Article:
As the majority of miRNA genes are transcribed by the same RNA pol II as protein coding genes, the mechanisms of epigenetic control known for protein coding genes are likely to be applied to miRNA gene loci. Indeed, several miRNA loci including miR-9-1, -193a, -137, -342, -203 and -34b/c, are found to be hypermethylated in multiple human cancers (43, 44). Conversely, the let-7a-3 locus was found to be hypomethylated in lung adenocarcinoma and elevated expression of this locus resulted in enhanced oncogenic gene transcription (45). miRNA promoters are also regulated by histone modifications during development and pathogenesis. Inhibition of histone deacetylase (HDAC) activities by inhibitors has been reported to upregulate a subset of miRNAs in cancer cells (46, 47). Recruitment of HDAC or histone acetylase (HAT) activities to various gene promoters by Smads has been shown previously (48). We therefore speculate that some of the changes in mRNA expression previously linked to the Smad-mediated HAT/HDAC activity may be indirect effects due to altered miRNA expression by epigenetic control of miRNA gene loci.
miRNAs are generated through the concerted action of multi-subunit complexes which promote the sequential cleavage, export, and loading of miRNAs into RISC complexes. An increasing number of reports suggest that each of these steps serves as a potential point of regulation, and therefore provides additional complexity to miRNA-dependent gene regulation. So far there are only a few reports demonstrating that the TGFβ-Smad pathway modulates microRNA levels either at the transcription of miRNA gene or at the Drosha processing step from pri-miRNA to pre-miRNA. Unlike protein coding genes which must be translated following transcription, microRNAs could more rapidly modify gene expressionin response to environmental cues. Therefore, regulation of miRNA biogenesis may serve as the first line of response following TGFβ/BMP stimulation. As a single miRNA modulates the expression of hundreds of targets simultaneously, the regulation of even a handful of miRNAs by the TGFβ/BMP signaling pathway could have a dramatic impact on gene expression and cellular physiology. In the future it will be important to determine the mechanisms of miRNA coregulation, as well as the influence of such coregulated miRNAs on cellular processes. As more mechanisms of miRNA regulation are uncovered, one major challenge will be to elucidate how multiple mechanisms of miRNA regulation cooperate to orchestrate the modulation of microRNA expression in a context-dependent manner. Finally, as for Smad function in the regulation of miRNA biogenesis, it is left for future studies to uncover the mechanism that limits the Smad-mediated processing to a selective group of miRNAs and the exact role of Smad proteins in the Drosha microprocessor complex.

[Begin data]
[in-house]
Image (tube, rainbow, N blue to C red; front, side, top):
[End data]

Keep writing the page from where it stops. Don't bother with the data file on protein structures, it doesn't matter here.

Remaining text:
We are grateful to members of the Lagna and Hata laboratory for stimulating discussions. This work was supported by National Institute of Health grants HL082854 and HL093154 to A.H.
Akiko Hata earned her Ph.D, at the Rockefeller University under Dr. Hidesaburo Hanafusa, Akiko did postdoctoral research at the Memorial Sloan-Kettering Cancer Center under Dr. Joan Massague from 1995 to 2000. Since 2008, Akiko is an Associate Professor in the Department of Biochemistry in the Tufts University School of Medicine and MCRI at Tufts Medical Center.
Brandi Davis is a graduate student of Sackler Graduate Program at Tufts University School of Medicine. After receiving B.S. from University of Rochester, Brandi joined Akiko's laboratory in 2004. Brandi and Akiko are interested in understanding a mechanism of regulation of miRNA biosythesis by growth factor signaling pathways.
The authors declare that they have no competing interests